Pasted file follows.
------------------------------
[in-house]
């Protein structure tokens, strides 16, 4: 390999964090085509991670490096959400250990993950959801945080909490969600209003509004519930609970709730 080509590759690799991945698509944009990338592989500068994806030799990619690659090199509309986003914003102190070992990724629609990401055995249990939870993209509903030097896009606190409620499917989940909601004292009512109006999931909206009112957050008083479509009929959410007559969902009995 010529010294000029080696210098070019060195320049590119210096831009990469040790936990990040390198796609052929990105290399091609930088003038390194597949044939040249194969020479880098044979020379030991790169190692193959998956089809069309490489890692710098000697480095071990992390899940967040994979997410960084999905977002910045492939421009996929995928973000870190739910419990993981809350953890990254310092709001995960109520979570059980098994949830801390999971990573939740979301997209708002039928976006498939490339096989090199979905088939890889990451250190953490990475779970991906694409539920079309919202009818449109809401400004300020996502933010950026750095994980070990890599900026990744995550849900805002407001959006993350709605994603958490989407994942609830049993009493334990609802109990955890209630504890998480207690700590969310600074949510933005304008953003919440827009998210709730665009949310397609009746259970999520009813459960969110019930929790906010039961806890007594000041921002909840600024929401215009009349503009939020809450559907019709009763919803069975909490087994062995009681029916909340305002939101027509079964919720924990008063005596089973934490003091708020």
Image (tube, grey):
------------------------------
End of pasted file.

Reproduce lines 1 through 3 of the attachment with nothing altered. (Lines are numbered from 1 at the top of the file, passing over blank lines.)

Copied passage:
[in-house]
């Protein structure tokens, strides 16, 4: 390999964090085509991670490096959400250990993950959801945080909490969600209003509004519930609970709730 080509590759690799991945698509944009990338592989500068994806030799990619690659090199509309986003914003102190070992990724629609990401055995249990939870993209509903030097896009606190409620499917989940909601004292009512109006999931909206009112957050008083479509009929959410007559969902009995 010529010294000029080696210098070019060195320049590119210096831009990469040790936990990040390198796609052929990105290399091609930088003038390194597949044939040249194969020479880098044979020379030991790169190692193959998956089809069309490489890692710098000697480095071990992390899940967040994979997410960084999905977002910045492939421009996929995928973000870190739910419990993981809350953890990254310092709001995960109520979570059980098994949830801390999971990573939740979301997209708002039928976006498939490339096989090199979905088939890889990451250190953490990475779970991906694409539920079309919202009818449109809401400004300020996502933010950026750095994980070990890599900026990744995550849900805002407001959006993350709605994603958490989407994942609830049993009493334990609802109990955890209630504890998480207690700590969310600074949510933005304008953003919440827009998210709730665009949310397609009746259970999520009813459960969110019930929790906010039961806890007594000041921002909840600024929401215009009349503009939020809450559907019709009763919803069975909490087994062995009681029916909340305002939101027509079964919720924990008063005596089973934490003091708020």
Image (tube, grey):